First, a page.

- Understanding Radiation Therapy: A Guide for Patients and Families
- What is radiation therapy? When is it used?
- How does radiation therapy work?
- Do the benefits outweigh the risks and side effects?
- How much does radiation treatment cost?
- Who gives radiation treatments?
- Informed consent
- How is radiation therapy given?
- External radiation therapy
- Internal radiation therapy (brachytherapy)
- Systemic radiation therapy
- Preventing and managing side effects
- Skin problems
- Hair loss
- Blood count changes
- Eating problems
- How will I feel emotionally?
- Will side effects limit my activity?
- Are there long-term side effects I should be concerned about?
- Managing side effects of treatment to certain parts of the body
- Radiation therapy to the head and neck
- Radiation therapy to the brain
- Radiation therapy to the breast and chest
- Radiation therapy to the stomach and abdomen
- Radiation therapy to the pelvis
- Follow-up care
- To learn more
Systemic radiation therapy
What is systemic radiation therapy?
Systemic radiation uses radioactive drugs called radiopharmaceuticals (ray-dee-o-farm-uh-SUIT-uh-kulls). These unsealed radiation sources are usually in the form of a liquid. Examples are strontium 89 and iodine 131. The radiopharmaceuticals may be given in a vein (IV) or taken by mouth. They travel throughout the body and collect where the cancer is. This is where they give off their radiation to kill the cancer cells.
The radiopharmaceuticals are kept in special containers that hold the radiation inside so it can’t affect others. You will likely be treated in a shielded room that also contains the radiation. The health professionals handling the drugs may wear safety gear that protects them from exposure while they are giving you the radioactive drug.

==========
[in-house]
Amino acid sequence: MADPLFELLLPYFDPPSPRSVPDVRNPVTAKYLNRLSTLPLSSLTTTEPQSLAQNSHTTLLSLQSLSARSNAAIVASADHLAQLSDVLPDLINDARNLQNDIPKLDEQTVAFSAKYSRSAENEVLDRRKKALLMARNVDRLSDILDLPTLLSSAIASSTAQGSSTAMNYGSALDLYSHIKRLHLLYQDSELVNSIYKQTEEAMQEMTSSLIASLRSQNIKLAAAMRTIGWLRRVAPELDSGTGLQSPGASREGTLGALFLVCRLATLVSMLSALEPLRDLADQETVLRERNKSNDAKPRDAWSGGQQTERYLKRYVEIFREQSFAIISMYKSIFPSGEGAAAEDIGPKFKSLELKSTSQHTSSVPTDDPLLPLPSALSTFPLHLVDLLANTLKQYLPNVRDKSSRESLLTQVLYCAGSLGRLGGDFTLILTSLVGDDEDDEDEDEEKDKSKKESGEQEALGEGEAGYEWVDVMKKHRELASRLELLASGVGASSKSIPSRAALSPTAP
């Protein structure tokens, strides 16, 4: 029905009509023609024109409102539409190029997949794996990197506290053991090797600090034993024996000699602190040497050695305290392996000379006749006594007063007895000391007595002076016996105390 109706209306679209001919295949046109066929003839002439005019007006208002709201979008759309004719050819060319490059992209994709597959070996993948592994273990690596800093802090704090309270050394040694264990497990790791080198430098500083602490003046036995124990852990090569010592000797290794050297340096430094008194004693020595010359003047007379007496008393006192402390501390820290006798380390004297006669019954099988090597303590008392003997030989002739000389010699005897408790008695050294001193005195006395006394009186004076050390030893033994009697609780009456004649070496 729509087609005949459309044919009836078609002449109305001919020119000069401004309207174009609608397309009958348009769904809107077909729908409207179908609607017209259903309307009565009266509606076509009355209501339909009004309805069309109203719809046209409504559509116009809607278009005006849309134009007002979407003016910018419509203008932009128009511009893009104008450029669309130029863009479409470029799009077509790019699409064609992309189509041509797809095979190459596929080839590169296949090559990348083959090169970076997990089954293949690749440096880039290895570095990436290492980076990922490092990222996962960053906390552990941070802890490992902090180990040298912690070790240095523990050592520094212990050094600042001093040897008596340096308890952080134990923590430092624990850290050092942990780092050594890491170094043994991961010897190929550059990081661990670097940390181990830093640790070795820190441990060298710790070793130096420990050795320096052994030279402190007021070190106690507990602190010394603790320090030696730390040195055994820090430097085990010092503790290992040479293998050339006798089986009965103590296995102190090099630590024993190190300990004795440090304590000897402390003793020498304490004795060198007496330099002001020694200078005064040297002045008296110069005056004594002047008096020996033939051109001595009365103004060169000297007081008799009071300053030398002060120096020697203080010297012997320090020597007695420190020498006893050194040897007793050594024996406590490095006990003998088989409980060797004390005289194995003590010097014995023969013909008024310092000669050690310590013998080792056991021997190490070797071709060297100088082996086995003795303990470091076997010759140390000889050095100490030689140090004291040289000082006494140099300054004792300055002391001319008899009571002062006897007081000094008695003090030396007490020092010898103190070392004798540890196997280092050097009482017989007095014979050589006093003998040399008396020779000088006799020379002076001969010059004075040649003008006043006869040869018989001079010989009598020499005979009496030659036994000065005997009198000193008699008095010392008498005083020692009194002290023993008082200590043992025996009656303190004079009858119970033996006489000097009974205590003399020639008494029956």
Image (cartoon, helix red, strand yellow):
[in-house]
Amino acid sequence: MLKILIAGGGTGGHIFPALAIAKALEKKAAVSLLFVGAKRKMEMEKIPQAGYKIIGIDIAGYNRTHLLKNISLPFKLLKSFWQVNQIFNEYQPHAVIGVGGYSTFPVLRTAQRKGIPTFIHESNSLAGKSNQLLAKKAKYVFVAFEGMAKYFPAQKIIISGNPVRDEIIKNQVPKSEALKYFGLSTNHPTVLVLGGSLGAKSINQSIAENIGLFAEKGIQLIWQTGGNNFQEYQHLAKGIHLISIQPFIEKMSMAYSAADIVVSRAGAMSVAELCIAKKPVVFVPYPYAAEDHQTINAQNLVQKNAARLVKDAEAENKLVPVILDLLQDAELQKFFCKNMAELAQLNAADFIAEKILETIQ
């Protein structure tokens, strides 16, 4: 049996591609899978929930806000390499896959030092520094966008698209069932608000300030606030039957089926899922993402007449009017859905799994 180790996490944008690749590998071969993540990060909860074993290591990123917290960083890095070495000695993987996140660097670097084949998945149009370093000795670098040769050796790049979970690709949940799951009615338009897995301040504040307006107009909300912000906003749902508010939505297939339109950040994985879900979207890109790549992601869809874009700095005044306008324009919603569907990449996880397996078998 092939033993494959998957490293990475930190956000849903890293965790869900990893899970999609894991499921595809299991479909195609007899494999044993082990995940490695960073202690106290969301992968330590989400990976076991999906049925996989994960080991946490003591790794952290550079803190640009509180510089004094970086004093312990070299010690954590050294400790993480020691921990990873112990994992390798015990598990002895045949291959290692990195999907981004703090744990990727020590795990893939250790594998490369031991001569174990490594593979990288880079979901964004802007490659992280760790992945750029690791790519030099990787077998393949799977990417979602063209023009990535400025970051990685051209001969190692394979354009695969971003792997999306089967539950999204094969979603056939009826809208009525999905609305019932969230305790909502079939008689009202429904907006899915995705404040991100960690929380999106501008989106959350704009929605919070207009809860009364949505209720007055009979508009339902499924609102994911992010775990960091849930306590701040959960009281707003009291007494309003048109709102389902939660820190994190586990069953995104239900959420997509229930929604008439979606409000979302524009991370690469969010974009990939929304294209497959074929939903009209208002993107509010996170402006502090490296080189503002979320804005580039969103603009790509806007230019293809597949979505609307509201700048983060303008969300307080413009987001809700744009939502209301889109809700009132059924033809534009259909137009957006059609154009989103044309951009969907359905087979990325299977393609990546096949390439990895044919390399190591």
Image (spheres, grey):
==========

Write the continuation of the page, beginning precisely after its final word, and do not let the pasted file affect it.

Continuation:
Will I be radioactive during or after systemic radiation treatment?
Because systemic radiation uses an unsealed radioactive substance that goes through your whole body, some radiation will be in your body for a few days until your body has had a chance to get rid of it. You may need to stay in the hospital for 1 or 2 days. Your health care team will tell you what precautions to take until your body no longer contains radiation that might affect others. These precautions vary depending on the substance used.
Patient and family safety
Sometimes doctors recommend certain safety measures to protect the people around you from the systemic radiation in your body. This is because the radioactive materials can leave your body through saliva, sweat, blood, and urine, making these fluids radioactive.
In most cases, the safety precautions must be followed only the first few days after treatment. Over time, the radiation becomes weaker and your body gets rid of it. Talk to the doctor or nurse about how long this may take in your case, and if there are special precautions you will need to take.
You might be told to follow these precautions for a certain amount of time:
- Flush the toilet twice after each use, and wash your hands well after using the toilet.
- Use separate utensils and towels (laundry may need to be washed separately).
- Drink extra fluids to flush the radioactive material out of your body.
- No kissing or sexual contact (often for at least a week).
- Keep a distance of one arm’s length between yourself and any others who spend more than 2 hours next to you in any 24-hour period.
- Limit your contact with infants, children, and women who are pregnant.
- Limit your contact with pets.
Ask your health care team about the precautions you need to take. Be sure you understand what you need to do to protect the people around you.
Last Medical Review: 01/24/2013
Last Revised: 01/24/2013